Drown security vulnerability

Protect yourself from drown attack by updating your openssl package.
Redhat patched openssl 1.0.1e

# rpm -q --changelog openssl-1.0.1e-51.el7_2.4.x86_64 | head
* Wed Feb 24 2016 Tomáš Mráz <tmraz@redhat.com> 1.0.1e-51.4
- fix CVE-2016-0702 - side channel attack on modular exponentiation
- fix CVE-2016-0705 - double-free in DSA private key parsing
- fix CVE-2016-0797 - heap corruption in BN_hex2bn and BN_dec2bn

* Tue Feb 16 2016 Tomáš Mráz <tmraz@redhat.com> 1.0.1e-51.3
- fix CVE-2015-3197 - SSLv2 ciphersuite enforcement
- disable SSLv2 in the generic TLS method

goto https://drownattack.com/ for more info

puppet 2.7.x complaining about “err: Could not retrieve catalog from remote server: Error 400 on SERVER: Could not parse YAML data for node”

You’ll probably find numerous links that tell you to delete


in puppetmaster, node or both.

None of those solved my problem.

Upgradeing to puppet-2.7.25 didn’t help either .

On my puppet client, in /var/lib/puppet deleting

rm -fr state/ lib/ facts/ client*

at least let me run puppet again, but next run gives that 400 error again …

note to self: get back to this post when I get time to further debugging this really annoying issue

CentOS 7 dhcp + custom ‘search domain’

I’m running CentOS 7 on my workstation these days, like it a lot.
At work our dhcp setup dns search for the domain containing our windows hosts but the Unix and Linux hosts I work with are in an other domain.
In the network manager gui in gnome3 I can’t seem to figure out where to add this second search domain, so I’ve been adding it manually to resolv.conf after each boot …

Got tired of that so i added:


in /etc/sysconfig/network-scripts/ifcfg-eno1 and did a

systemctl restart network.service

problem solved.

thnx superuser.com

UPDATE 30th october 2015:
This does not work at all at my workstation at my new job.
I’m not using NetworkManager any more, not sure if that’s the reason though.

By setting SEARCH in /etc/sysconfig/network instead things got a lot better:

# /etc/sysconfig/network
SEARCH='example.com sub.example.com'

View changelog for a package in Fedora/CentOS/Redhat

A really cool, and handy, feature of rpm is the ability to view the changelog for a package you’ve installed, or recently updated:

$ rpm -q --changelog gnome-shell | less

* Wed Apr 16 2014 Florian Müllner <fmuellner@redhat.com> - 3.8.4-32
- Improve vertical monitor layouts
  Resolves: rhbz#1096186

* Wed Mar 19 2014 Florian Müllner <fmuellner@redhat.com> - 3.8.4-31
- Fix some more background memory leaks
  Resolves: rhbz#1027192

* Wed Mar 12 2014 Ray Strode <rstrode@redhat.com> 3.8.4-30
- Fix automatic shield lifting when smartcard is inserted
  Resolves: #1063488

* Mon Mar 10 2014 Ray Strode <rstrode@redhat.com> 3.8.4-29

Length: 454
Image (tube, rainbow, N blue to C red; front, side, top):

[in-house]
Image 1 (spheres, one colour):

- Don't show user list if require smartcard is true
  Resolves: #1063390

proftpd: PAM unable to dlopen(/lib64/security/pam_stack.so) in CentOS 6.5

After updating packages in CentOS 6.5 proftpd started logging

proftpd: PAM unable to dlopen(/lib64/security/pam_stack.so)

It seems the proftp pam module is wrong.
The non working /etc/pam.d/proftpd config look like this:

auth       required     pam_listfile.so item=user sense=deny file=/etc/ftpusers onerr=succeed
auth       required     pam_stack.so service=system-auth
auth       required     pam_shells.so
account    required     pam_stack.so service=system-auth
session    required     pam_stack.so service=system-auth

When I instead use the following config, which I found on the internet, I got it working again:

auth required pam_listfile.so item=user sense=deny file=/etc/ftpusers onerr=succeed
auth required pam_shells.so
auth include system-auth
account include system-auth
session required pam_loginuid.so


CentOS 6.x, fail2ban and proftpd

fail2ban in CentOS 6.x can sometimes be a bit troublesome, at least compared to the Debian/Ubuntu implementation (imho) .
I suspect I’ve solved the CentOS 6.x, fail2ban and proftpd integration different every time I’ve set it up so this tim ‘Ill write it down.
With this configuration I got fail2ban to ban failed proftpd ftp login’s with ‘default’ fail2ban config apart from enabling the proftpd-iptables ‘jail’ in /etc/fail2ban/jail.conf


enabled  = true
filter   = proftpd
action   = iptables[name=ProFTPD, port=ftp, protocol=tcp]
           sendmail-whois[name=ProFTPD, dest=root@localhost]
logpath  = /var/log/secure
maxretry = 4

What did the trick was to have proftpd to log AUTH to /var/log/secure, in the right format.
In /etc/proftpd.conf comment out the default LogFormat auth directive and add your own:

#LogFormat                      auth    "%v [%P] %h %t \"%r\" %s"
ExtendedLog /var/log/secure AUTH auth
LogFormat auth "%v %t "%r" [%h] %s"

There is no such thing as ‘build-essential’ in CentOS

One thing I’ve done for a long time right after installing debian or ubuntu is issuing

# apt-get install build-essential

It’s great because it pulls down the most common stuff needed for ‘everyday’ compiling and meddling with compiling sources and so on.
In CentOS I can’t find any similar package group, but according to centos.org one may achieve pretty much the same with

# install gcc gcc-c++ kernel-devel